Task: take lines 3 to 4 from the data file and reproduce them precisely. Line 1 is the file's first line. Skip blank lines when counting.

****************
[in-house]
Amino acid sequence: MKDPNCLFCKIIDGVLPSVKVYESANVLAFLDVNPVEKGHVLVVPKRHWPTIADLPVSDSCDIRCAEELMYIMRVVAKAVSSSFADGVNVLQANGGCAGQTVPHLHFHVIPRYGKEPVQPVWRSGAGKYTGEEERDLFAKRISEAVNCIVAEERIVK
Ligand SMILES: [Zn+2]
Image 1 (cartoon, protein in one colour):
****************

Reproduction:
Ligand SMILES: [Zn+2]
Image 1 (cartoon, protein in one colour):